- Restaurant method (more time-consuming)
- Add a heaping teaspoon of baking soda for every pound of meat + ¼ cup water and massage into meat to distribute evenly.
- Let it soak for 1-2 hours. Discard the water, rinse, and drain well, squeezing the meat to remove extra moisture.
- Homecook method (easier and faster)
- Sprinkle 1-2 tsp baking soda for 1 lb (16 oz) of meat and gently toss to coat with Chinese beef marinade. Let sit for 15 minutes before stir-frying.
- You don’t need to add extra water to the beef because the marinade already contains liquid for the beef to soak up the flavor. You won’t taste the baking soda in the marinade, so no need to rinse and dry the meat.\
Step 2. Marinate beef for stir fry:
- After adding baking soda to tenderize beef stir fry, coat the meat in a balanced beef marinade to season. I have an in-depth guide on how to marinate beef for stir fry, so be sure to check that out! I also include a recipe for my signature beef marinade at the bottom of this post.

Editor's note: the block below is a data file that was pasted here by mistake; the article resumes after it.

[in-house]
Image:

- Basic must-haves for marinade: Soy sauce (or coconut aminos), oil, starch (Velveting beef with cornstarch is popular in restaurants, but I opt for tapioca or arrowroot for a healthier stir fry at home. Potato starch will also work.)
Step 3. Lightly sear the meat
- In restaurants, chefs quickly fry the meat in a big pot of hot oil so that the beef maintains a velvety soft texture and the moisture is sealed within. (Referred to as silk meat or velvet steak.)
- Heating a whole pot of oil is not a practical solution for home cooks. I recommend searing the meat in a well-heated hot pan or wok to keep it lighter and easier.
Now that you know how to make beef tender for stir fry, let’s go over some pro tips for how to cook beef strips tender and juicy.